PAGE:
A Purpose-driven brand is one where the organization has consciously placed its ‘Why’ front and center– in how it communicates, but more importantly, in how it actually behaves in its business conduct.
It drives what it will and will not do. It defines what services it provides, what products it sells, what people it hires, promotes and rewards – in other words, how it does business.
- Amazon: ‘To enable freedom of choice.’
- IBM: ‘Solutions for a smarter planet.’
- EY: ‘Building a better working world.’
- SAP: ‘Helping the world run better.’
- McKinsey & Company: ‘World-changing client impact.’
- Unilever: ‘Create a better future every day.’
- P&G: ‘Purpose driven innovation.’
- The Coca-Cola System: ‘To inspire moments of happiness.’
- Disney: Originally, ‘To make people happy’ (or in some places attributed as ‘To create family magic’). They may possibly have fallen prey to the ‘edit by committee’ disease with their new version: ‘To always deliver, with integrity, the most exceptional entertainment experiences for people of all ages.’
Many might see these sweeping statements as whitewash (or greenwash), over-claiming or jumping on the so-called ‘sustainability’ bandwagon. There is no doubt that many will attempt this. What makes the above companies different is that they are not simply saying it – they are organizing their business and operational models to explicitly and implicitly deliver on it.
A Purpose-Driven Brand Since 1943
Johnson & Johnson’s credo values drafted by former Chairman and member of the founding family Robert Wood Johnson offers another example:
We believe our first responsibility is to the doctors, nurses and patients, to mothers and fathers and all others who use our products and services. In meeting their needs everything we do must be of high quality. We must constantly strive to reduce our costs in order to maintain reasonable prices. Customers’ orders must be serviced promptly and accurately. Our suppliers and distributors must have an opportunity to make a fair profit.
We are responsible to our employees, the men and women who work with us throughout the world. Everyone must be considered as an individual. We must respect their dignity and recognize their merit. They must have a sense of security in their jobs. Compensation must be fair and adequate, and working conditions clean, orderly and safe. We must be mindful of ways to help our employees fulfill their family responsibilities. Employees must feel free to make suggestions and complaints. There must be equal opportunity for employment, development and advancement for those qualified. We must provide competent management, and their actions must be just and ethical.
We are responsible to the communities in which we live and work and to the world community as well. We must be good citizens – support good works and charities and bear our fair share of taxes. We must encourage civic improvements and better health and education. We must maintain in good order the property we are privileged to use, protecting the environment and natural resources.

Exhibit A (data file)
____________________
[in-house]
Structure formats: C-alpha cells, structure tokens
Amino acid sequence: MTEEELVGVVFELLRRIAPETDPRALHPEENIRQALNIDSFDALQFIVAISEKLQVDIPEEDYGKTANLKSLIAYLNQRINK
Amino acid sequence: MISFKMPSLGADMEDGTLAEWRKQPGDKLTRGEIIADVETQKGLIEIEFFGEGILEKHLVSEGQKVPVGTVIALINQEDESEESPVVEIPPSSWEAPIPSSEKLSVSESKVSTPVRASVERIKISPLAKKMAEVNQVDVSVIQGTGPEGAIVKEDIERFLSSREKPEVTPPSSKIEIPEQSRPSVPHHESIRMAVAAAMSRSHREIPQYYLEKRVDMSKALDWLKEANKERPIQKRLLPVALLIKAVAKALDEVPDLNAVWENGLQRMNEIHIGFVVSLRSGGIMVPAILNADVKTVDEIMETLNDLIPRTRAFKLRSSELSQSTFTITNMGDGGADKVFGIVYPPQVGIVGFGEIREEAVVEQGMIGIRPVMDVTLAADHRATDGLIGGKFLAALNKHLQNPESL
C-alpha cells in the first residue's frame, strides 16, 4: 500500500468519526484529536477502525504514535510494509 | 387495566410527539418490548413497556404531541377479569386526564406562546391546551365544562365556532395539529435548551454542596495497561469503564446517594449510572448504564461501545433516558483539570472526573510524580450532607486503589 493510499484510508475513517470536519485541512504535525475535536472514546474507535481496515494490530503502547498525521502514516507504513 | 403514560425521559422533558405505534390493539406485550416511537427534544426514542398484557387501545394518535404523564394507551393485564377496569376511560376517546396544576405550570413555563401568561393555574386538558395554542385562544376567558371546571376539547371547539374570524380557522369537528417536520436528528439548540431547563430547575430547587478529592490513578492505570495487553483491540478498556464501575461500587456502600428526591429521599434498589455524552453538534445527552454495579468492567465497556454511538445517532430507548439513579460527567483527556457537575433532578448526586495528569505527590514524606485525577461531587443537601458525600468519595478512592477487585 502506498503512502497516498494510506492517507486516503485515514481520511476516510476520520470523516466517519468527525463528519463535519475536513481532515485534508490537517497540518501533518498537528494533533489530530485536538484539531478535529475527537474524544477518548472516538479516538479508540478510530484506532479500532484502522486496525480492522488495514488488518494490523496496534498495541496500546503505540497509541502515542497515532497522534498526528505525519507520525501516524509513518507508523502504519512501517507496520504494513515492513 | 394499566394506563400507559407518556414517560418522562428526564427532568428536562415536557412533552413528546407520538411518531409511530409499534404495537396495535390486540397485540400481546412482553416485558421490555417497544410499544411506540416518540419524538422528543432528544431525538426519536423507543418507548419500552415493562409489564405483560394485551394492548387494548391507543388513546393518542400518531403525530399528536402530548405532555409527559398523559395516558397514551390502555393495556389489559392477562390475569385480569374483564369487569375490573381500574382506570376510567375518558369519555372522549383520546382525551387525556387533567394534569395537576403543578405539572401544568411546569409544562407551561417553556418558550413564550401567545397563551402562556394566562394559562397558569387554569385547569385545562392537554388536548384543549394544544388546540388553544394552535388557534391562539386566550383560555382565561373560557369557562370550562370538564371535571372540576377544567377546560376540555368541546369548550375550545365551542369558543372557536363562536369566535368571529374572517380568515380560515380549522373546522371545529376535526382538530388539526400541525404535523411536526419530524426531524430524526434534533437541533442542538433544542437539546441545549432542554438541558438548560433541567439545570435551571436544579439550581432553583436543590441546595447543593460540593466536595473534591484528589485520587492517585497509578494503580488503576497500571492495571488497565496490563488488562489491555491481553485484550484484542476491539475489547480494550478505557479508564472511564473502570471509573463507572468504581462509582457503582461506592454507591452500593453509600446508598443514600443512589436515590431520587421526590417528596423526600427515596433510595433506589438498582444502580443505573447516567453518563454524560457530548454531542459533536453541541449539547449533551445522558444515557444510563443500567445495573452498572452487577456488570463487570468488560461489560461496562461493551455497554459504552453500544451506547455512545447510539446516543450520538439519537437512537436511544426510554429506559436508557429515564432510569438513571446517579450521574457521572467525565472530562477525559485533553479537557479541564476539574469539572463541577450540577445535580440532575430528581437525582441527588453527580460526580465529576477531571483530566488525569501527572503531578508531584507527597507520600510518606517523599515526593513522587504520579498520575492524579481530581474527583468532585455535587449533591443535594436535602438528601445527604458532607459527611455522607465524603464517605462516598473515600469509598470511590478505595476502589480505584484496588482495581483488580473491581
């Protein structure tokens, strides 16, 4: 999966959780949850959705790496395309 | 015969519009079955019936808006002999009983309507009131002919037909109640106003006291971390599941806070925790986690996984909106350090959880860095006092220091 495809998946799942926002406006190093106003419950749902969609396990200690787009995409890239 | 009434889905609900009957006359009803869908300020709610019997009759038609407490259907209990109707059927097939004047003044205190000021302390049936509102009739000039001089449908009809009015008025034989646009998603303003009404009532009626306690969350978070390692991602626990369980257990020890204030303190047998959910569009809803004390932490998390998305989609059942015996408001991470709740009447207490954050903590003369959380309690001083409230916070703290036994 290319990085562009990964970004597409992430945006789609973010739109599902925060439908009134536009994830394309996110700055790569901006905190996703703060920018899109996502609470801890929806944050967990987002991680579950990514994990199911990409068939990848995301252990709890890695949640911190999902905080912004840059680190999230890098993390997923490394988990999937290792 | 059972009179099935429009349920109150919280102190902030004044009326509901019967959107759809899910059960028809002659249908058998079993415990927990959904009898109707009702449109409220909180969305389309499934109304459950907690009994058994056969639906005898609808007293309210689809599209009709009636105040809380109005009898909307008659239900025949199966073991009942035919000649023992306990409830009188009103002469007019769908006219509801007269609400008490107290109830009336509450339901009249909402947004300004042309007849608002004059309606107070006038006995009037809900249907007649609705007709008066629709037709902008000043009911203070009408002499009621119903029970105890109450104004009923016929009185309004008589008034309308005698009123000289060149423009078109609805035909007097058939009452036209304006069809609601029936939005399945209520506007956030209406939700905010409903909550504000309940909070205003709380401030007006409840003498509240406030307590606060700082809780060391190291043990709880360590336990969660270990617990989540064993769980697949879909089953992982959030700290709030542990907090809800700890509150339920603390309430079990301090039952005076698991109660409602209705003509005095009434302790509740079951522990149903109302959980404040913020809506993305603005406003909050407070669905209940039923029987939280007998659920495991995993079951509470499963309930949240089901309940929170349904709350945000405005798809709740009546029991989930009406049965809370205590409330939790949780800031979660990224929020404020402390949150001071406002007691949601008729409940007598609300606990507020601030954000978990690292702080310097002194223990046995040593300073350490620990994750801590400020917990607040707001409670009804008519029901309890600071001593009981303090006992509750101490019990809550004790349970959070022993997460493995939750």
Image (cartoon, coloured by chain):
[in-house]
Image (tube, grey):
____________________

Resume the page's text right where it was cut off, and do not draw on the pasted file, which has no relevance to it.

Our final responsibility is to our stockholders. Business must make a sound profit. We must experiment with new ideas. Research must be carried on, innovative programs developed and mistakes paid for. New equipment must be purchased, new facilities provided and new products launched. Reserves must be created to provide for adverse times. When we operate according to these principles, the stockholders should realize a fair return.
A Purpose-Driven Brand Is Both Profit And Purpose
Many see the pursuit of profit and a sense of higher purpose as an ‘either profit or purpose’ trade-off. But the leaders – philosophically and in financial performance – are discovering that it’s actually a ‘both profit and purpose’ model. In fact, leaders see them as inseparable:
- ‘This is not corporate social responsibility, it’s not cause marketing, and it’s not a strategy for philanthropy; it’s a business strategy. Your philanthropy can come out of it, just like your R&D and HR come out of it. But once you choose your purpose – everything else should come out of that.’ (Jim Stengel, former CMO, Procter & Gamble)
- On Unilever’s ‘Sustainable Living Plan,’ CEO Paul Polman says, ‘This is not a new project to celebrate. This is a new business model to implement.’
- ‘There is no more strategic issue for a company, or any organization, than its ultimate purpose.’ (the late CEO of Interface, Ray Anderson)
- ‘It’s not an aspirational vision, but rather a practical way to address the kinds of problems that were seizing the world […] and that still command our attention – from jobs and energy to the environment and the systemic problems of global finance.’ (IBM CEO Sam Palmisano)
- ‘We understand our obligation to look beyond our self-interest and engage with the world. We use our global reach and our relationships with clients, governments and not-for-profit organizations to create positive change.’ (Mark Weinberger, CEO, EY)
- ‘Companies that will lead in the 21st century define success more broadly than financial performance. They look at their impact on the world – socially, environmentally, and economically.’ (Jim Hagemann Snabe, Co-CEO, SAP)
Excerpted from: Brand and Talent by Kevin Keohane, in partnership with Kogan Page publishing.
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